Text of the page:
48.   48. The method of claim 47, wherein the combination criteria comprises socioeconomic criteria.
  49.   The socio-economic criteria are selected from the group consisting of player age, player gender, player occupation, player leisure interest, player desire and player income level, and player ideological trends. 49. The method of claim 48.
  50. Combining at least two of the players from which the gaming server computer plays a game based on the profile of each of the players;
    Requesting a first player to be combined with a second player having a relatively high level of proficiency;
    The method of claim 3, further comprising: requesting a second player with a relatively high level of proficiency to play with the first player.
  51.   51. The method of claim 50, wherein the gaming server provides consideration to the second player in exchange for playing a game against the first player.
  52. Combining at least two of the players from which the gaming server computer plays a game based on the profile of each of the players;
    The game server determining a plurality of players having less proficiency than the first player;
    By the gaming server conducting an auction to determine which of a plurality of players having a lower level of proficiency than the first player will be combined to play with the first player; 4. The method of claim 3, further comprising combining a first player having a relatively high proficiency with a player having a relatively low proficiency.
  53.   2. The method of claim 1, wherein the step of combining at least two of the players in which the gaming server computer plays a game based on the profile of each of the players is automatically performed by the gaming server. .
  54.   The method of claim 1, wherein the step of combining at least two of the players in which the gaming server computer plays a game based on the profile of each of the players is randomly performed by the gaming server. .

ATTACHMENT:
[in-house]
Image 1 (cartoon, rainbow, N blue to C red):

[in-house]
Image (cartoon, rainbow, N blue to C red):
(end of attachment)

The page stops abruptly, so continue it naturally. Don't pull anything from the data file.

55. Combining at least two of the players from which the gaming server computer plays a game based on the profile of each of the players;
    Requesting a first player to be combined with a second player to play a game;
    The game server determining a plurality of players having profiles that match the first player;
    The gaming server providing the first player with a list of the plurality of players having a profile that matches the first player;
    The method of claim 1, wherein the first player selects one of the players from the list to play a game.
  56. Combining at least two of the players from which the gaming server computer plays a game based on the profile of each of the players,
    Requesting a first player to be combined with a second player to play a game;
    The game server determining a plurality of players having a profile suitable for the first player and capable of responding to the game at the time requested by the first player;
    The game server has a list of the plurality of players having a profile suitable for the first player and capable of responding to the game at the time requested by the first player. Providing to the player;
    The method of claim 1, wherein the first player selects one of the players from the list to play a game.
  57.   The method of claim 1, wherein a player selects a player to play from a list of available players provided by the gaming server.
  58.   The player of claim 1, wherein the players are combined in a tournament play, allowing the player to participate in the tournament at any time, and the tournament continues without a defined termination criterion. the method of.
  59.   The game to be played is selected from the group consisting of an opportunity game, a skill game, a fantasy role-playing game, a history game, a knowledge-based game, a future game, a war game, a psychological game, and a sports game The method according to claim 1.
  60.   The method of claim 1, wherein the gaming server changes adjustable parameters of the game while being played by the player.
  61.   61. The method of claim 60, wherein the change made by the gaming server corresponds to a proficiency level of the player.
  62.   61. The method of claim 60, wherein the change made by the gaming server is random.
  63.   61. The method of claim 60, wherein the change made by the gaming server is selective.
  64.   61. The method of claim 60, wherein the change made by the gaming server is defined by a predetermined criterion.
  65.   4. The player of claim 3, wherein the gaming server selects players with different proficiency levels to play with each other, and a handicap is assigned to a player with a higher level of proficiency than a player with a lower level of proficiency. Method.
  66.   4. The method of claim 3, wherein players having a relatively high level of proficiency are placed on a team at the request of other players.
  67.   68. The method of claim 66, wherein the player having a relatively high level of proficiency is assigned a handicap by the gaming server.